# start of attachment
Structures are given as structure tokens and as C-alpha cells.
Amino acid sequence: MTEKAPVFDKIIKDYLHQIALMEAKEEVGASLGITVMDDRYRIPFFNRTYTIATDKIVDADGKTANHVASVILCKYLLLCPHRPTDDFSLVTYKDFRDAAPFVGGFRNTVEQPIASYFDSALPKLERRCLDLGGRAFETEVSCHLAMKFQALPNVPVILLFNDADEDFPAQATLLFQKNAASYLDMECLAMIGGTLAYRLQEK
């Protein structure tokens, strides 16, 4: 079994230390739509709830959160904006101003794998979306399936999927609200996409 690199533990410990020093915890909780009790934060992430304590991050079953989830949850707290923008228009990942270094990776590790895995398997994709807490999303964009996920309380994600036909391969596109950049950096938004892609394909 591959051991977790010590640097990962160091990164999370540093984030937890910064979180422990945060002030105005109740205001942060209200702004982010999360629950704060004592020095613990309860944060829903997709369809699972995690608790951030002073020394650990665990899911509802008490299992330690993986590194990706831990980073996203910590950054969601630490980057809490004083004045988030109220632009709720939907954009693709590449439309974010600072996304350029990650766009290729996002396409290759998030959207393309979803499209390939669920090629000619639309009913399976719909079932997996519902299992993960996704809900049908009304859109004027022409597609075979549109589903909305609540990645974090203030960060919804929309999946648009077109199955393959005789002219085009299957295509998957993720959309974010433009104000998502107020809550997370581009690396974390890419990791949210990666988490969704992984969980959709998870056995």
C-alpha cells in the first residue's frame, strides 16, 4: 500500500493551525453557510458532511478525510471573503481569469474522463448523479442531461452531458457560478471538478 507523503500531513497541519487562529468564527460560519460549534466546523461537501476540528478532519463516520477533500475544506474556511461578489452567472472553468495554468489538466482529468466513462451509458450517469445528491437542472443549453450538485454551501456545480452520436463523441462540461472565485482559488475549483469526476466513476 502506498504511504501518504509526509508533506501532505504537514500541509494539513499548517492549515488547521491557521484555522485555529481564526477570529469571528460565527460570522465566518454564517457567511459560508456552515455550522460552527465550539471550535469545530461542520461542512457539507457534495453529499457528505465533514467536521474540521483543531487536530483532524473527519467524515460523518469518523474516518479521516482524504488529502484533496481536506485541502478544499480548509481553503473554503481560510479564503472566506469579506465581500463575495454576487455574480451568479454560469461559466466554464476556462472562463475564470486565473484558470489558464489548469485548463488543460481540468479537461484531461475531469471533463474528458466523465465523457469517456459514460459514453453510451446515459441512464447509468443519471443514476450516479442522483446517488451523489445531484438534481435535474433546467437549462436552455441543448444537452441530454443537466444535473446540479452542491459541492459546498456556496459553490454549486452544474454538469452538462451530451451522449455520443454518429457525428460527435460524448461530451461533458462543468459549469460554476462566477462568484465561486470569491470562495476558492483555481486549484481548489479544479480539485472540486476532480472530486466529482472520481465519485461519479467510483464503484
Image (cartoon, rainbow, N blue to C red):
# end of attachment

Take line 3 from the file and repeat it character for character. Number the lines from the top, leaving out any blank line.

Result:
């Protein structure tokens, strides 16, 4: 079994230390739509709830959160904006101003794998979306399936999927609200996409 690199533990410990020093915890909780009790934060992430304590991050079953989830949850707290923008228009990942270094990776590790895995398997994709807490999303964009996920309380994600036909391969596109950049950096938004892609394909 591959051991977790010590640097990962160091990164999370540093984030937890910064979180422990945060002030105005109740205001942060209200702004982010999360629950704060004592020095613990309860944060829903997709369809699972995690608790951030002073020394650990665990899911509802008490299992330690993986590194990706831990980073996203910590950054969601630490980057809490004083004045988030109220632009709720939907954009693709590449439309974010600072996304350029990650766009290729996002396409290759998030959207393309979803499209390939669920090629000619639309009913399976719909079932997996519902299992993960996704809900049908009304859109004027022409597609075979549109589903909305609540990645974090203030960060919804929309999946648009077109199955393959005789002219085009299957295509998957993720959309974010433009104000998502107020809550997370581009690396974390890419990791949210990666988490969704992984969980959709998870056995």